When you have children, you finally appreciate all your parents have done for you.
You’ve heard this phrase, I’m sure (possibly from a frustrated parent when you were a teen).
For me, adopting the children did not bring the magical instant awareness, mostly because my parents never dealt with this brand of crazy or needed to make the kind of decisions we do. (That’s why I started this blog, because almost no one I know in person can say, “yes, I understand exactly what you’re talking about!”)
However, when we began home-schooling this year, I finally realized the level of work my mother did behind the scenes while teaching four children at home.
Sometimes I believed I was homeschooling myself, even in elementary grades.
I’ve seen a specific expression on my daughter’s face when I direct her to go back to the textbook and look for information. I recognize the look because I remember the way it felt from the inside of my face.
I was less forward about communicating my feelings. My girl… Not so much. She actually says the words sometimes. With that tone.
Why don’t you just teach me instead of making me look it up? Since you’re my teacher…
I smile and explain she needs researching skills.
Almost everything I do these days is with an eye toward the time she no longer needs me—which will arrive even sooner than I expect.
Being needed is a powerful urge. I find myself stepping toward my kids when I see them struggle, even for just a moment. I’m learning to stop, fold my arms and wait.
When I was 6 or 7, I read a story about a little girl who lived on a farm. She and her father were waiting for chicks to hatch. He left the barn for a bit, instructing her to leave the eggs alone.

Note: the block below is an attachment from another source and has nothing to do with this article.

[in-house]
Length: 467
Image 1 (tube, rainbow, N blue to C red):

After he left, one of the chicks managed to create a hole in the shell but struggled to break free and seemed to give up. The young girl cracked the egg for the chick. When the father returned, they cheered the birth of their first chick, but the celebration was short-lived as the chick passed away.
The man asked his daughter if she had helped the chick. When she admitted she had pulled the shell apart, he explained that the chick needed to struggle out of the shell on its own in order to be strong enough to live outside the shell.
The story was actually about obeying parents even when children don’t understand exactly why they should. However, now that I’m the parent, this story holds different meaning.
I watch my friends do things for their children (even grown children)…and in spite of my best intentions, sometimes I catch myself “doing” as well.
Tying the 10 year-old’s shoes. Cutting the 12 year-old’s food automatically. Helping the 14 year-old with the math problem before the child has attempted solving it alone. Never teaching the child to cook, clean up, work a dishwasher or clothes dryer, run a lawn mower, or change the oil. Driving a licensed teen to work or school, not for the lack of an extra car but because we can’t seem to let him go on his own.
Hamstringing and handicapping our kids with love.